Part 1 on the (mis)perception of coaching outlined the nature of the survey and the demographics of the participants. This post seeks to answer one of the questions explored in the survey, and is the final post of 5 in the series.
Do participants believe that it is important that there is a scientific (ie psychological) approach to coaching?
A number of academic researchers talk about the importance of performance-related psychological principles within a coaching context. Whitmore, who could be considered the grandfather of coaching is one of these academics.
The participants were asked a series of questions concerning the role of psychological models and theories and the competence of a coach in using these within a coaching session.
There was a strong positive correlation between a coach’s competency in using psychology models and having a solid understanding of these models There was also a strong positive correlation between a coach’s competency in using psychology models and the credibility of a coach.
The research supports these statements, that coaches needed to have competency in using psychological models based on a solid theoretical understanding. And when this occurs, the coach has credibility.
Two other academics, Grant and Cavanagh discuss the fact that coaches are becoming increasingly aware of the need to have a solid theoretical background, and perhaps this is reflected in the results of this research. Whilst a significant number of respondents were coaches, it could be suggested that this awareness is now also prevalent amongst non-coaching participants.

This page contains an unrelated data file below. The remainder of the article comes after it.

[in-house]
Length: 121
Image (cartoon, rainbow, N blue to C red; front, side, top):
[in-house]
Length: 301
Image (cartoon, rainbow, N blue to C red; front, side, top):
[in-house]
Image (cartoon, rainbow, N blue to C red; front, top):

The participants who were self-declared coaches were not asked to comment on whether they used psychological models in their practice. However, in the free commentary at the end of the research a number of participants felt strong enough to comment that they felt an understanding and competency of psychological theories and models did not prevent a coach from being successful.
This subject is obviously an emotive topic for some participants. It would be interesting to undertake further qualitative research with these participants to further understand their perception into this subject matter.
And I think that this highlights where the real issue lies: Grant wrote in 2004 that “such diversity is both a strength and a liability…..there is a lack of clarity as to what professional coaching really is and what makes for an effective and reputable coach”
Newnham-Kanas attempted in 2009 to write a bibliography of heath coaching research. The authors sought to identify the operational definition of coaching used in each piece of research they audited, only to find that repeatedly no model or definition was given. The authors themselves determine that “This prominent limitation made it difficult to understand what was intended by the term “coaching”.
The Bibliography also highlighted that frequently the coaching consisted of interventions such as providing information, telephone monitoring, 15 minute one-to-one sessions, personal tailored messages on a website and offering problem solving techniques. There is also a question of the (lack of) ability or experience of many of the coaches involved in the research.
In light of the above, it is unsurprising that Bachkirova and Cox in 2004 drew the conclusion that “the conceptual ground that coaching is built upon could be viewed as, at best, multi-disciplinary, and at worst as atheoretical or even anti-theoretical”.
It is sobering to note that in 2004, Kilburg wrotes “for all the work that has been done to illuminate the subject of coaching in the past 15 or 20 years, what actually happens in coaching engagements remains quite mysterious”
It is evident from my survey that whilst there may not be mystery in what happens in a coaching session, there is no common understanding about what coaching is, what it entails or what to expect. This I think is a more serious issue for the coaching industry today.